Monday, February 23, 2015

Another look at Sleazywood: David Cronenberg and Bruce Wagner's louche MAPS TO THE STARS

Does anyone have a more jaundiced, delightfully despicable view of Hollywood and its dank denizens than writer Bruce Wagner (shown below)? From his comic Scenes from the Class Struggle in Beverly Hills to the masterful I'm Losing You (novel and film) to this latest lollapalooza -- MAPS TO THE STARS -- Wagner shows us la-la-land with an incredible blend of black humor and rapier wit tempered with just a dash of feeling so that we can't quite dismiss his nasty satire out of hand. To bring to fruition his latest foray into our narcissistic depths, he's landed David Cronenbergshown above (or maybe to the right), to direct, and the combo turns out to be a marriage made in an absolutely heavenly hell.

Maps to the Stars begins rather quietly, if bizarrely, for we haven't yet understood the depths to which the characters we're meeting will soon sink -- how their insatiable need for constant acknowledgment and fame outdoes any human instinct they might have once possessed. Yet so interesting and strange seem all the people we encounter that we're hooked from scene one.

Mr Wagner's dialog definitely helps. Notes one character early on: "I met the Dalai Lama! He's the kind of guy you just want to hang with. But you can't. Because he's, like, you know, the Dalai Lama."

It isn't long, however, before the characters we're laughing at and with turn darker, nastier. Darkest of all and the woman we probably get to know best is the famous actress named Havana Segrand (played by last night's Oscar-winner Julianne Moore, shown above and below, right).

Also proving a strange character we learn to care about (and become a bit frightened of, as well) is Agatha Weiss (Mia Wasikowska, above, left and below). Agatha, who now possess an unsightly scarred body and face, is the daughter of a famous self-help guru, Standford Weiss, who serves the Hollywood set and is played with his usual panache by John Cusack (shown in the penultimate photo), who seems to be taking to darker roles like that proverbial duck to water.

Into Agatha's life also comes a handsome chauffeur-cum-screenwriter, played well by Robert Pattinson, below, who has by now thankfully gotten that stupid-but-successful Twilight series out of his system and can move on to roles that call for some actual acting. He's the character through whom we see much of what is happening (and is said to be based upon Wagner's own early Hollywood history).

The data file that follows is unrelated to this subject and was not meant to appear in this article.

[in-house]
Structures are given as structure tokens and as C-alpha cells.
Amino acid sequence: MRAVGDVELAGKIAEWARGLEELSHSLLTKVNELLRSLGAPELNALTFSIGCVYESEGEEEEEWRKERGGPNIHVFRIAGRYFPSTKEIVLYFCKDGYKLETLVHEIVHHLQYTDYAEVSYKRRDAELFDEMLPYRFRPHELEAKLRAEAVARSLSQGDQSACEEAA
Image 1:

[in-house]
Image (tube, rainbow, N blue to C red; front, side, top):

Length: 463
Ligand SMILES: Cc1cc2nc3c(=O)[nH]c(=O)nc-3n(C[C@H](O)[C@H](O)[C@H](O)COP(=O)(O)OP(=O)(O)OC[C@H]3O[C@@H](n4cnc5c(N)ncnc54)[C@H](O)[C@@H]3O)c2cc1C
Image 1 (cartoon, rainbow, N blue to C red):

The Weiss family also includes a mother, played with rigid intensity by the fine Olivia Williams, and a drug-addled TV-actor son, Benji, whose name and interaction with a dog should bring to mind a certain (in)famous series of animal movies. As played by the terrific and creepy Evan Bird, below, Benji complete this family of would-be Hollywood royalty, a matched set of major nut-jobs.

That Weiss family dances with and around our gal Havana, who pretty much rules the movie in the same manner as she does her retinue. There is a particular scene -- between Ms Moore and another actress playing an actress (Jennifer Gibson) on a Beverly Hills sidewalk outside one or another swank shop -- so perfectly on the mark and full of friendly sweetness masking outright hatred that it becomes an instant classic. The interaction demonstrates to a "t" how Hollywood folk are never scarier than when they're being "nice."

Ms Moore -- always a great actress who rarely makes a misstep or chooses a project that is not worthwhile -- is so very fine in this rich, rabid role that she actually makes what happens to her character somehow enjoyable. And that is indeed what they call "going some."

Well, that's Mr. Wagner for you. He turns us all into the kind of people who can take schadenfreude to unspeakable new heights. Or, rather, depths. "Juicy" does not begin to describe this amazing film.

Maps to the Stars -- from Focus Features and running 111 minutes -- opens theatrically this Friday, February 27, in various locales.

Here in the NYC area, it'll play at Manhattan's IFC Center, the Nitehawk Cinema in Brooklyn and the Kew Gardens Cinema in Queens. In the L.A. area, look for it at the Sundance Sunset Cinema, and at Laemmle's Playhouse 7 in Pasadena and their NoHo 7 in North Hollywood. Elsewhere? Maybe, and if I can find a link to playdates, I'll post it later....

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